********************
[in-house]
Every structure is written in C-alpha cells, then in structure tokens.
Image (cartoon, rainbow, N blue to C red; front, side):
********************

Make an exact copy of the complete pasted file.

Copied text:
[in-house]
Every structure is written in C-alpha cells, then in structure tokens.
Image (cartoon, rainbow, N blue to C red; front, side):